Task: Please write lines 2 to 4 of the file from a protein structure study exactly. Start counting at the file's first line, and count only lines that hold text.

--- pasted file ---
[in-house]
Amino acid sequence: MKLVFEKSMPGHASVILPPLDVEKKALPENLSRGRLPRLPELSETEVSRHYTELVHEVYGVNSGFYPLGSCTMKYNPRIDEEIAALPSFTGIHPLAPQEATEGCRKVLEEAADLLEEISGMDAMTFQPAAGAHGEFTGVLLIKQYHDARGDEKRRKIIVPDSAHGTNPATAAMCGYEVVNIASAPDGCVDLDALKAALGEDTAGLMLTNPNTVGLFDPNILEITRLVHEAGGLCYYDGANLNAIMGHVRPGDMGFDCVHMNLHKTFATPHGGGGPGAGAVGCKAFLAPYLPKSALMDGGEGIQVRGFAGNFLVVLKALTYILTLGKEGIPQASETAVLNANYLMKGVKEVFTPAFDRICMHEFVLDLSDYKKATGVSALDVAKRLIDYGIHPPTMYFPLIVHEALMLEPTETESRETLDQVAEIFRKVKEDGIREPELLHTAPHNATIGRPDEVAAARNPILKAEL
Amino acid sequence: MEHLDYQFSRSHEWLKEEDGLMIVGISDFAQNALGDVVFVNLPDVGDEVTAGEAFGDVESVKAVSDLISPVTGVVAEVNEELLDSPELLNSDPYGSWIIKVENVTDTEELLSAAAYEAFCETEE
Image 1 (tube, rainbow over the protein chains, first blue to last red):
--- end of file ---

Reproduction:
Amino acid sequence: MKLVFEKSMPGHASVILPPLDVEKKALPENLSRGRLPRLPELSETEVSRHYTELVHEVYGVNSGFYPLGSCTMKYNPRIDEEIAALPSFTGIHPLAPQEATEGCRKVLEEAADLLEEISGMDAMTFQPAAGAHGEFTGVLLIKQYHDARGDEKRRKIIVPDSAHGTNPATAAMCGYEVVNIASAPDGCVDLDALKAALGEDTAGLMLTNPNTVGLFDPNILEITRLVHEAGGLCYYDGANLNAIMGHVRPGDMGFDCVHMNLHKTFATPHGGGGPGAGAVGCKAFLAPYLPKSALMDGGEGIQVRGFAGNFLVVLKALTYILTLGKEGIPQASETAVLNANYLMKGVKEVFTPAFDRICMHEFVLDLSDYKKATGVSALDVAKRLIDYGIHPPTMYFPLIVHEALMLEPTETESRETLDQVAEIFRKVKEDGIREPELLHTAPHNATIGRPDEVAAARNPILKAEL
Amino acid sequence: MEHLDYQFSRSHEWLKEEDGLMIVGISDFAQNALGDVVFVNLPDVGDEVTAGEAFGDVESVKAVSDLISPVTGVVAEVNEELLDSPELLNSDPYGSWIIKVENVTDTEELLSAAAYEAFCETEE
Image 1 (tube, rainbow over the protein chains, first blue to last red):